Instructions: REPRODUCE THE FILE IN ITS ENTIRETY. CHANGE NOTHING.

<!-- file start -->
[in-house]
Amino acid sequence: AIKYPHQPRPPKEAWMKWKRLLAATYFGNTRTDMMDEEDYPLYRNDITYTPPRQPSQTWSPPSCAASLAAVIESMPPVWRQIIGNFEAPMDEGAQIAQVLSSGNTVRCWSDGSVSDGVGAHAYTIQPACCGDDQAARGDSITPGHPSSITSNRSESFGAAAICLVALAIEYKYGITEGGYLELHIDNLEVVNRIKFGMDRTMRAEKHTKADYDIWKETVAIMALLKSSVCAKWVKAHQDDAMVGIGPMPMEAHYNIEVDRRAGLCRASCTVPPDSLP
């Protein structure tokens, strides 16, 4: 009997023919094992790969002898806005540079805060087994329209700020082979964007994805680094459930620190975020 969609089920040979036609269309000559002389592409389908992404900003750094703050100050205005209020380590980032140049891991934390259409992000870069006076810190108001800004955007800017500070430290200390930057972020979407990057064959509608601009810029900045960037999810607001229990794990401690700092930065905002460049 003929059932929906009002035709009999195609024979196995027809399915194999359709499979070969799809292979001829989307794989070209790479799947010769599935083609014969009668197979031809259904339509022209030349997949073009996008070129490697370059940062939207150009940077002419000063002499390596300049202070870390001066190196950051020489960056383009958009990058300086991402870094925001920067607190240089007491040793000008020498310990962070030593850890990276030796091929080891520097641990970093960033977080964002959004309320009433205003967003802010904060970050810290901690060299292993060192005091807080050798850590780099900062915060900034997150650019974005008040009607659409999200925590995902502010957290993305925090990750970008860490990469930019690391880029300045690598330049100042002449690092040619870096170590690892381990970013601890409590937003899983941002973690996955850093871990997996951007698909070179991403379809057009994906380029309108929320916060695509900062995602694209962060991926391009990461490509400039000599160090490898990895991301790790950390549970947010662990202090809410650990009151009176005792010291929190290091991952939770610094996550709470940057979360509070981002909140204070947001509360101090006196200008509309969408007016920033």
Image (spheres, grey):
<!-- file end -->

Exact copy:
[in-house]
Amino acid sequence: AIKYPHQPRPPKEAWMKWKRLLAATYFGNTRTDMMDEEDYPLYRNDITYTPPRQPSQTWSPPSCAASLAAVIESMPPVWRQIIGNFEAPMDEGAQIAQVLSSGNTVRCWSDGSVSDGVGAHAYTIQPACCGDDQAARGDSITPGHPSSITSNRSESFGAAAICLVALAIEYKYGITEGGYLELHIDNLEVVNRIKFGMDRTMRAEKHTKADYDIWKETVAIMALLKSSVCAKWVKAHQDDAMVGIGPMPMEAHYNIEVDRRAGLCRASCTVPPDSLP
């Protein structure tokens, strides 16, 4: 009997023919094992790969002898806005540079805060087994329209700020082979964007994805680094459930620190975020 969609089920040979036609269309000559002389592409389908992404900003750094703050100050205005209020380590980032140049891991934390259409992000870069006076810190108001800004955007800017500070430290200390930057972020979407990057064959509608601009810029900045960037999810607001229990794990401690700092930065905002460049 003929059932929906009002035709009999195609024979196995027809399915194999359709499979070969799809292979001829989307794989070209790479799947010769599935083609014969009668197979031809259904339509022209030349997949073009996008070129490697370059940062939207150009940077002419000063002499390596300049202070870390001066190196950051020489960056383009958009990058300086991402870094925001920067607190240089007491040793000008020498310990962070030593850890990276030796091929080891520097641990970093960033977080964002959004309320009433205003967003802010904060970050810290901690060299292993060192005091807080050798850590780099900062915060900034997150650019974005008040009607659409999200925590995902502010957290993305925090990750970008860490990469930019690391880029300045690598330049100042002449690092040619870096170590690892381990970013601890409590937003899983941002973690996955850093871990997996951007698909070179991403379809057009994906380029309108929320916060695509900062995602694209962060991926391009990461490509400039000599160090490898990895991301790790950390549970947010662990202090809410650990009151009176005792010291929190290091991952939770610094996550709470940057979360509070981002909140204070947001509360101090006196200008509309969408007016920033």
Image (spheres, grey):